In fourth grade, there is some instruction on healthy versus unhealthy relationships, however the term “relationships” is a general one in this case that isn’t limited to romantic relationships and doesn’t include discussions of sexual activity. 

Parents of HCS students can also seek a medical or religious exemption from immunization requirements, can review statewide standardized assessment results as part of the state report card and can request an evaluation of their child for an academically gifted program or for identification as a child with a disability. 

“They absolutely have that right,” said Barker. “A lot of times meetings occur before that happens, but if a parent still would like that to happen they can put that in writing. If they are tested for an academically gifted program and they don’t qualify, there is an appeal process.”

Parents can also inspect public school textbooks and other supplementary materials, which is somewhat moot given the increasingly evolving nature of classroom instruction. 

“Because our textbook funding is so minimal from the state, we really can’t afford to buy textbooks when there’s an adoption so our teachers really stick strictly with our curriculum standards,” she said. “We develop, throughout our district, research-based resources that we can use together and provide training on. We do have some textbooks, but again, it’s not like it used to be where there’s a textbook a kid carried home every day.”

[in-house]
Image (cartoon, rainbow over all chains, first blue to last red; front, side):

An additional clause in the bill offers parents the “right” to purchase textbooks. It’s not clear why this is included in the bill, as textbooks of all sorts are commonly available for purchase online and aren’t usually sold by schools. 

Another proposed right, access to information relating to school district policies for promotion or retention, is also established in HCS policy. 

“We do send retention notification letters home to students periodically throughout the year. And of course, principals are meeting with parents,” said Barker. “We don’t want that to ever be a decision made without all parties in agreement.”

Yet another befuddling right offered in the bill is one of the most basic and longstanding policies of any school system, as terrifying as it may be for some students — the right to receive report cards on a regular basis. 

“We even have an online system called PowerSchool, where parents can be notified simultaneously when a teacher posts a grade,” she said. “If they choose to opt into that system, as soon as the teacher adds a grade, that parent can get notification of that grade,” she said. “We also send automated voicemail messages home through our Blackboard Connect system at night when students are absent from school.”